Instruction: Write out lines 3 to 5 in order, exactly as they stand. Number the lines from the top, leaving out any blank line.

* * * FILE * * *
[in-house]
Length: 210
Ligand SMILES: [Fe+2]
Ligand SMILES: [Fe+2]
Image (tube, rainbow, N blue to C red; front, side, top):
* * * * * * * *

Ligand SMILES: [Fe+2]
Ligand SMILES: [Fe+2]
Image (tube, rainbow, N blue to C red; front, side, top):